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Somewhere south of anchorage, Alaska, on the Seward Highway, my friend was lost and needed directions to Hope, Alaska, a remote fishing village on the Kenai Peninsula. He asked the old man at the gas station, “How do you get to Hope?” “Go to church and pray,” the old man answered with a smile, delivering the well-practiced line as if he were an Oscar-winning actor.

We would all do well to follow his advice. So many have lost their way to hope. Hopelessness and cynicism have become epidemic in our culture and in the church. Hopelessness is a sense of despair and dread. Hopelessness is correlated with suicide, depression, self-harm, and belief of being socially undesirable. Hopelessness has been an unrelenting teacher.

The lesson of these past few years is that government, the economy, politics, and social awareness will not secure our future. So, how do we get to hope? What does the road to hope look like? Like every journey, the road to hope begins with knowing where we are. If you are reading this and feeling so hopeless that you are pondering harming yourself, then call your pastor, friend, or family member. As hopelessness gets its voice, you will want to isolate and pull away from God and others. Suicide, isolation, and self-harm are never God’s desire for you. An honest look at your condition may sound risky in our culture of “be positive” and “just try harder.”

Hopelessness comes when our hope is in something unreliable or incapable of meeting the deepest longings of our lives. The unexpected road to hope begins with the realization that our schemes do not work and are not capable of taking the sorrow of this fallen world away. Ironically, hopelessness is the first step to finding real hope. God never intended us to be fully satisfied by the things of this life. God does not want lesser gods to preoccupy His children. We were created for relationship with God; therefore, we long for that restored relationship with God, as well as with others and ourselves. Once we take the pressure off our spouses, our kids, our jobs, or our governments to meet our deepest longings, then we can begin to enjoy them for what they can provide. We will never get to hope if we believe that merely changing circumstances is the answer.

The road to hope requires gratitude and prayer. It is impossible to have gratitude and hopelessness simultaneously.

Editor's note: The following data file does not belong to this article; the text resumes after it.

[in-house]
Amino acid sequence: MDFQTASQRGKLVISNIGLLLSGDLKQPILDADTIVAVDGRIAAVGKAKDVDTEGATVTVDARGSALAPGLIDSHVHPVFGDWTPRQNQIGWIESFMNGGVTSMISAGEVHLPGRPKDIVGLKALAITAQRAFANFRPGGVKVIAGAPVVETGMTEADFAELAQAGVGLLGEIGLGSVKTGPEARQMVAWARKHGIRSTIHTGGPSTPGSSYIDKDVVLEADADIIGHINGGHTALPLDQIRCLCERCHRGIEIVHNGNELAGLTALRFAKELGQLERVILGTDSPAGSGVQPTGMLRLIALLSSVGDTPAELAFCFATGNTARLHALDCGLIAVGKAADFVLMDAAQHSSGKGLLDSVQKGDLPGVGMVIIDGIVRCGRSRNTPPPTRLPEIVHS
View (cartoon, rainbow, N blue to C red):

The Bible speaks often about how present circumstances do not determine our hope. Living faithfully in exile is an invitation to see the bigger picture beyond the small hopes of temporary happiness. The road to hope begins with coming to the end of ourselves and our efforts to make our lives perfect. Despite obstacles and disappointments, we can live for a greater purpose and have ultimate hope. In the Bible, God’s people lived in exile, yet God promised them hope. Paul wrote about hope and encouragement from prison. The church grew in the midst of persecution, because its hope was not in circumstances but in God alone. The journey to hope begins when we come to the end of ourselves and focus on our identities in Christ as God’s image bearers instead of on mere circumstances.

We will never get to true hope by trying to fool ourselves into being satisfied with small, attainable goals. Hope is not found in small, selfish thinking. Moving toward hope requires that we embrace truth. That truth is that we are designed by God to live a story of His glory. The hopeless person does not think too big—he thinks too small. So, as the road to hope widens before you, realize that you have a purpose in your life. In Christ, you are a chosen child of God and therefore a part of the family of God.

Once we move beyond our circumstances and understand the grand purpose God has given us, a look in the rearview mirror is helpful. Remember how God has been faithful in the past. Read and study Bible passages that demonstrate His faithfulness. Look around—you will see you are not alone. Life is not meant to be lived alone. We must realize that others are with us, others also struggle, and others will need our help and encouragement along the way. Look closer still and we will see our true companion. Christ is in us and His Spirit is empowering us.

Along with a new focus, a grand purpose, companions on each side, and Christ as your strength, the road to hope requires gratitude and prayer. It is impossible to have gratitude and hopelessness simultaneously. To continue on the road to hope, we will need to thank God frequently in our prayers.

At this point in the journey to hope, we will notice some resistance. Hopelessness is a con man that keeps us from loving, trying, and dreaming—in an odd way, hopelessness can become comfortable for us. We want hope, but we want to be in charge. We want hope, but we want to justify not loving others and God. In the book of Isaiah, God invites His children to participate in His plan, to trust and live in His covenants, and to anticipate His provision:“Why do you spend your money for that which is not bread, and your labor for that which does not satisfy? Listen diligently to me, and eat what is good, and delight yourselves in rich food.” (Isa. 55:2)

As we travel toward hope, let us remember to keep perspective and focus on Him. Let us not squander our lives with goals that will not satisfy. The old man was right: “Pray and go to church.” There we will be reminded once more where real, eternal hope lies.

Not in Talk but in Power

Ministry in the Visible Church

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From the November 2021 Issue
Nov 2021 Issue